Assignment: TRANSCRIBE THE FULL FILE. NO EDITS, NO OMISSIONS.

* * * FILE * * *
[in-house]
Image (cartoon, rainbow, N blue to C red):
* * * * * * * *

[in-house]
Image (cartoon, rainbow, N blue to C red):